Wear comfortable walking shoes, a sun hat and sun glasses and put on sunscreen, I would not carry all that other stuff around with me. How long do you have and what is her interest? Get the shuttle from Appleton and look at the the program guide and plan your day. Here are some highlights, warbirds at north end of field just south of 9-27, there is a tram the goes through the area or walk, warbird clothing shop, if a bad weather day museuem is 1 mile to the west, theres a shuttle, Pioneer old style airport is just behind museum, theres a shuttle and you can get a helicopter ride around the grounds for bout $75 person, even better in Ford Tri Motor ride just south of warbirds for $90 e. its noisy. Commercial vendor tents are 2/3 way south on field in big hangars, again good if bad weather, and they have real toilets. Food court ( not great ok) is east of vendors, and big square with big planes on display. Further south, there;s trams, are the antiques and the ultraligsths have their own runway. It might take 3 or 4 days to cover most of this. There are also fourms kind of rigth in the middle with lectures on various topics some more technical. Airshows are in the afternoon, often very noisy. There is a bus to seaplane base about 5 miles east and a cool quiet respit, try not to miss it and takes bout part of a day. Hilton Hotel, on grounds, on northwest side of runway 9-27 has a/c and a cool bar for tired wives and great view off the roof. Food is ok not great. Enjoy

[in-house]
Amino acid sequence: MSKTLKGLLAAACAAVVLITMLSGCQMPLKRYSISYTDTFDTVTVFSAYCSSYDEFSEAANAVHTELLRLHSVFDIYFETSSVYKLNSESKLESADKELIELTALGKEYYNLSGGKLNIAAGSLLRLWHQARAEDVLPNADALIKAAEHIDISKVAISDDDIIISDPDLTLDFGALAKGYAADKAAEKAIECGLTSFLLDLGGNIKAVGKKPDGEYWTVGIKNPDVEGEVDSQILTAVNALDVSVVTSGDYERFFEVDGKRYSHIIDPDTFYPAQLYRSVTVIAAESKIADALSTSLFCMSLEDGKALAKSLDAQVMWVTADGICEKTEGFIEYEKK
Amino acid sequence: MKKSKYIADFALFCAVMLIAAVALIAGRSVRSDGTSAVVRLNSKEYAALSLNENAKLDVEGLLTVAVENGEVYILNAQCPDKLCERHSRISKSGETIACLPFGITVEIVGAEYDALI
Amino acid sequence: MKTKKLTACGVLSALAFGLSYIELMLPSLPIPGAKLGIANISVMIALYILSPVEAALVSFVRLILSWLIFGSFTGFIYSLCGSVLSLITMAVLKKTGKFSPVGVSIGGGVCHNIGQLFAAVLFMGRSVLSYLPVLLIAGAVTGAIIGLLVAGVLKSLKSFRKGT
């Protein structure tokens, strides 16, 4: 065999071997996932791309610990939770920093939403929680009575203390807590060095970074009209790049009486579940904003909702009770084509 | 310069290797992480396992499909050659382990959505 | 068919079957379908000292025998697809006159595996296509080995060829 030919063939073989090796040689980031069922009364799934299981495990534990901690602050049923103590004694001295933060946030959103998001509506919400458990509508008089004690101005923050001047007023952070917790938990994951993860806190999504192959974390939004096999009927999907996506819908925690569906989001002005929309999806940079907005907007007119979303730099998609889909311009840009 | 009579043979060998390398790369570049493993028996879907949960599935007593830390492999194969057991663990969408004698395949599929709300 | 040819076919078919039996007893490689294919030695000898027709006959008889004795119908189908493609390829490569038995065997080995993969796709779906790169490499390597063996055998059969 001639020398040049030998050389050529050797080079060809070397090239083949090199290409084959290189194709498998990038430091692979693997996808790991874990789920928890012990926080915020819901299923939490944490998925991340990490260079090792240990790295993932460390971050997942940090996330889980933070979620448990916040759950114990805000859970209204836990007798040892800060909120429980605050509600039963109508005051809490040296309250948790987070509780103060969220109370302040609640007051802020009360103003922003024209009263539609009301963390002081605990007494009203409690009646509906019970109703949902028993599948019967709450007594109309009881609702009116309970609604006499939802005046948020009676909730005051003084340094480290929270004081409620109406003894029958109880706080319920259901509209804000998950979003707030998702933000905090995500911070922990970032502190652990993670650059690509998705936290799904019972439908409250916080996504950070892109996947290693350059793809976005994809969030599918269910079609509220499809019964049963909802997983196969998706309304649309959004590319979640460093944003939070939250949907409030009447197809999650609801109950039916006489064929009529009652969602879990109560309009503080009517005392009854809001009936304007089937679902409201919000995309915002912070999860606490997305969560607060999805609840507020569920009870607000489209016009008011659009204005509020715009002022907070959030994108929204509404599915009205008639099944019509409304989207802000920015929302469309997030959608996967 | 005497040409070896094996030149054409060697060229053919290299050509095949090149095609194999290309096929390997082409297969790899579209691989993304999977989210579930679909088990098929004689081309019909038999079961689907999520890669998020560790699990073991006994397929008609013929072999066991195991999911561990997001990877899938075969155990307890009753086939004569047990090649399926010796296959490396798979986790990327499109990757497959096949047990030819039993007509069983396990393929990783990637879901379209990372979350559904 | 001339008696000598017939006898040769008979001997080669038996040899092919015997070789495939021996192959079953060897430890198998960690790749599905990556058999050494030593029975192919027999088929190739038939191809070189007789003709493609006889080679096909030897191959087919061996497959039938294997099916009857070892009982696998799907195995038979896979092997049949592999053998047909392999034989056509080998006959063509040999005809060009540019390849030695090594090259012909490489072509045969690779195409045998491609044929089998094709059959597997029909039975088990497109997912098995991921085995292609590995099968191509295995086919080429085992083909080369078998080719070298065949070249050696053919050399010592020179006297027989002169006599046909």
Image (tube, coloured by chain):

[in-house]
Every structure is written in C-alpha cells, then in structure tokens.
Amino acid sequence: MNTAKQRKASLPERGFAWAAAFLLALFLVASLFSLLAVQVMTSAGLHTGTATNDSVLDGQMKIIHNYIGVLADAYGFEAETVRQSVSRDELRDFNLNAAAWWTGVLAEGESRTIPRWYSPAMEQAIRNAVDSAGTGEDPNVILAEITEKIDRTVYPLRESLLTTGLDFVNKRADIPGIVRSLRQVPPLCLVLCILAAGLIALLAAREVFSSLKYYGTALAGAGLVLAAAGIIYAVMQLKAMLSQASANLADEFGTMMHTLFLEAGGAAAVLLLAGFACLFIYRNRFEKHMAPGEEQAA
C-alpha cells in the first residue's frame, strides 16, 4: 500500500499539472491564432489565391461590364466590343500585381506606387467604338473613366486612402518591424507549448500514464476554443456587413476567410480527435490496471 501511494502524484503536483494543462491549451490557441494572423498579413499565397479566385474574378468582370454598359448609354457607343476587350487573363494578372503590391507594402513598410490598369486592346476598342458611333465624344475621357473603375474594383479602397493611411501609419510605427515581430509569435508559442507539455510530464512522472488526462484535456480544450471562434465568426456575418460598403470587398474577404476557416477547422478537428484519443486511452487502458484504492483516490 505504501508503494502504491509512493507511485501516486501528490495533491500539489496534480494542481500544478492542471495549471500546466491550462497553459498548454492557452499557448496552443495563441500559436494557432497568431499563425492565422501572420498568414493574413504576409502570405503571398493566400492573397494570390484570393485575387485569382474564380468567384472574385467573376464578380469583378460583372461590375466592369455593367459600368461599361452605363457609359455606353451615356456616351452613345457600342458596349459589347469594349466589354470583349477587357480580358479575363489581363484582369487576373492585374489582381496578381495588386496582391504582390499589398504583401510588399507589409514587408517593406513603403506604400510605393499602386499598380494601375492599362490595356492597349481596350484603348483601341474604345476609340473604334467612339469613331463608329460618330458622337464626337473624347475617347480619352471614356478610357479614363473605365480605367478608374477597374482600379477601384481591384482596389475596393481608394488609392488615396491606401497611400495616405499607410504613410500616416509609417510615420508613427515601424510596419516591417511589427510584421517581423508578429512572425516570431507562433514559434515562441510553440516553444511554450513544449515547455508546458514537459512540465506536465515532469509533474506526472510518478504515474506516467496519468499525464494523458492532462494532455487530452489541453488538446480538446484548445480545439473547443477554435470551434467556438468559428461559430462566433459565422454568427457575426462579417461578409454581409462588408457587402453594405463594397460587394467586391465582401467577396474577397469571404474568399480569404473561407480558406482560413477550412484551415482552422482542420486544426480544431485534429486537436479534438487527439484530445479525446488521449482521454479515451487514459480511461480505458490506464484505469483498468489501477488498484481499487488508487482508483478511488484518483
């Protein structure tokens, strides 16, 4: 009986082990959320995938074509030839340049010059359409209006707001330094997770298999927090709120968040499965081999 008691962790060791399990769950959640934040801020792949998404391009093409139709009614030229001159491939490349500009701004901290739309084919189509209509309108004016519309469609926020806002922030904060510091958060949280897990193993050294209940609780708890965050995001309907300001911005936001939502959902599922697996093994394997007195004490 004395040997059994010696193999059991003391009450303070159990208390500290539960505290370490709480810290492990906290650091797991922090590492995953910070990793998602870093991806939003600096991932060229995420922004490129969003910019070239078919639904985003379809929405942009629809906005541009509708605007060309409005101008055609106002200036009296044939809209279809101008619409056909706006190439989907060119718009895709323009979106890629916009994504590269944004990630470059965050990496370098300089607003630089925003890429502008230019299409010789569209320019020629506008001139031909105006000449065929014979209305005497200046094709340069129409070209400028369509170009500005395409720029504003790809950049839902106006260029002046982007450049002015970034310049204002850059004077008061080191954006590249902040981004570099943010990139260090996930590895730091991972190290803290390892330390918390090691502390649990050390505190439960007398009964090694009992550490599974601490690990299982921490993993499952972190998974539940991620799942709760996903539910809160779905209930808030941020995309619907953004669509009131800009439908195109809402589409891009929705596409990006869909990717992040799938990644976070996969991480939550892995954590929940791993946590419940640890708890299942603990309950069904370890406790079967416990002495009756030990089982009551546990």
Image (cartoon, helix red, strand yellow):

Last edited by Bill Greenwood; 03-03-2020 at 11:30 PM.

  4. #4

    Join Date
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    The earlier you arrive the better, traffic builds quickly and the parking lots fill up as the day progresses. Download the AirVenture app for volumes of info and maps. Get a printed map when you arrive and understand that North is to the left on the map.

    I'm a tram conductor and suggest you use them to get a feel for the basic layout of the event, get off at the next stop when you see something of interest, wander till you're tired of walking then wait at the nearest tram stop headed to the next area. The grounds are HUGE!!!! There are 4 different tram routes identified by small colored pennants on the tractor and at the back by the conductor. The tram system runs from the North 40 gate all the way South past Ultralights, with one route going from the Tower to the Bus Park.

    The maps and all pertinent info are also on the AirVenture website which might help you cherry-pick the things you'd like to see during your stay. You can't see it all in just a few days, so might as well start developing a game plan. EVERY first-timer I meet agrees on one thing -"Wow, this is a whole lot bigger than I even thought it would be." Have a great time.
    "Don't believe everything you see or read on the internet" - Abraham Lincoln

  5. #5
    FlyingRon's Avatar
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    Driving in isn't too bad. There are certainly peak times, but I've arrived mid morning and haven't really seen much of a delay. Similarly, unless you try to exit immediately at the end of the airshow, you won't have any problem leaving.